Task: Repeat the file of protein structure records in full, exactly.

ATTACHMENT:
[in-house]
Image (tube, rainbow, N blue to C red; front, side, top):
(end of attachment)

[in-house]
Image (tube, rainbow, N blue to C red; front, side, top):